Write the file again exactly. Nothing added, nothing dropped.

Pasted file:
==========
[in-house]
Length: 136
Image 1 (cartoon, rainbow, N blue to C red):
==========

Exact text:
[in-house]
Length: 136
Image 1 (cartoon, rainbow, N blue to C red):